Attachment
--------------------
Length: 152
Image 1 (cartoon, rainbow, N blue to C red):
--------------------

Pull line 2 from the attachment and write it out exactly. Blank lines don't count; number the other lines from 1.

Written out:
Image 1 (cartoon, rainbow, N blue to C red):